Films of Record, a Ten Alps company, has been commissioned by BBC Two to produce Requiem for Detroit? (1x75’), a documentary that will tell the roller coaster story of the city’s automotive industry through the testimony of the people who lived through it. It is directed by Julien Temple.
Powered by extraordinary archive – vivid projections of the city’s heyday on it’s now abandoned buildings – and the irrepressible music that continues to come out of Detroit, from ragtime and rap to techno, the documentary will chart the rise and fall of the ‘Big Three’, General Motors, Ford and Chrysler, and the impact the decline of these giants has had on the city.
Detroit was at the forefront of the American dream of the 20th Century. The fourth largest city in the US, it was also one of the wealthiest, housing the country’s earliest shopping malls. America’s first major freeway was built in Detroit to facilitate the increasing number of commuters into the city.
But the 21st century has seen the American dream, powered by the Big Three, slide into a nightmare for Detroit. Levels of black inner city poverty, hunger and unemployment have reached critical proportions, in grim contrast to the affluent white suburbs which surround the city.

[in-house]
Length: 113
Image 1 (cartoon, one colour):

Requiem for Detroit? will include interviews with the people living amongst the deserted auto plants, closed schools and failing infrastructure, as well as those who are based in the consumer utopia of the suburbs. It will also feature interviews with Motown star Martha Reeves and beat poet John Sinclair.
Julien Temple, Director, commented:
“Detroit was the frontier city in the US, powering the American dream. What I find fascinating is the fact that it is still ahead of the game, becoming the first big US city to virtually fall off the map.”
Roger Graef, Executive Producer, Films of Record, said:
“Detroit has effectively become a ghost town. Its police stations have been abandoned and the once thriving office blocks now sit empty, paperwork still left on desks. At rush hour the freeways are deserted.
“Many people have written it off completely, but those left within the city limits still have lives to live and strongly conflicting opinions about what lies ahead for the city. Seeking to raise questions rather than impose answers, Requiem for Detroit? will allow Detroiters themselves to examine their own visions of the future.”
The documentary’s producer, George Hencken, added:
“Detroit was a city at the vanguard of the future, the crucible for the cars and music which symbolised the American Dream the world over, and it’s post urban post-industrial chaos serves as a warning to the rest of the world. But despite its ruined landscape there is still hope, as those living within the city’s limits continue to fight for its survival, creating their own solutions such as urban farming and a